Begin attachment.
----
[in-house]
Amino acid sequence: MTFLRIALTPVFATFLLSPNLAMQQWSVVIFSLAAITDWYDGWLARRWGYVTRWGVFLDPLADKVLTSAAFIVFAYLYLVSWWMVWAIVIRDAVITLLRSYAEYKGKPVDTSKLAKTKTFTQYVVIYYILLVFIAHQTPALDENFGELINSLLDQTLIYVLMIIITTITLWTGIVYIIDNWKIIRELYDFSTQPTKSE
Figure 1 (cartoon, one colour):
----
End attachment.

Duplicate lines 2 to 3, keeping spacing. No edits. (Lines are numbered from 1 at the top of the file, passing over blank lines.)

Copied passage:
Amino acid sequence: MTFLRIALTPVFATFLLSPNLAMQQWSVVIFSLAAITDWYDGWLARRWGYVTRWGVFLDPLADKVLTSAAFIVFAYLYLVSWWMVWAIVIRDAVITLLRSYAEYKGKPVDTSKLAKTKTFTQYVVIYYILLVFIAHQTPALDENFGELINSLLDQTLIYVLMIIITTITLWTGIVYIIDNWKIIRELYDFSTQPTKSE
Figure 1 (cartoon, one colour):